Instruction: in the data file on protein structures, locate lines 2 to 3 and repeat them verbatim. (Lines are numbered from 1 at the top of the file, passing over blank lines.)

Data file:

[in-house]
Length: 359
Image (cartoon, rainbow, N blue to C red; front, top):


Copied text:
Length: 359
Image (cartoon, rainbow, N blue to C red; front, top):